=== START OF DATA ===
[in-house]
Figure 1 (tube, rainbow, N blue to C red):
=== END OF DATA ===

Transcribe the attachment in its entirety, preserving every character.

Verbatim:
[in-house]
Figure 1 (tube, rainbow, N blue to C red):